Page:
M.A., M.Th., E.C.P., U.K.C.P.
Systemic and Family Psychotherapist
EMDR Therapist (for trauma)
Men are different from women. They have different bodies and they are socialised differently. Men often, but not always, have more economic and social power than women and women often, but not always, have a better ability to deal with difficult emotions and relationships. In psychotherapy it is not helpful to ignore or minimise these differences. Members of both sexes need to have the particular challenges and difficulties they face as a man or a woman acknowledged by their therapist.
As a male therapist, I know from inside what it is like to be a man. In addition, I have spent a lot of time studying men’s psychology and the specific psychological challenges we face as men. One of the greatest of these is that we are trained from childhood to hide our feelings and to act ‘the role of a man’. This means hiding our vulnerability and weakness (big boys don’t cry) and presenting a façade of strength and competence, even when we do not feel strong or capable at all. Most men get so used to acting like this that they do not even notice that they are doing so.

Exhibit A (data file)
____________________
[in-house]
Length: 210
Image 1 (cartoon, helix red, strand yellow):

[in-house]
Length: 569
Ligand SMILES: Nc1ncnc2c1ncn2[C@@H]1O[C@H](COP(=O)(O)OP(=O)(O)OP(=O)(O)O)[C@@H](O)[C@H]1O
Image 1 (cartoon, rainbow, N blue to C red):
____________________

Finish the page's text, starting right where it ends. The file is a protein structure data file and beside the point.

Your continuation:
However, the long-term psychological consequences can be severe and may prevent a man from continuing to function as a man in the way that he previously did. I have extensive experience working with male clients who have suffered from stress at work, burn out, mental breakdown, problems with masculine identity, workaholism, depression, anxiety, sexual difficulties and family or relationship problems.
Men are often reluctant to consider psychotherapy themselves because it means they have to admit to possessing a problem they cannot solve. I endeavour to assist men actively to help themselves as far as they are able – and the same goes for women.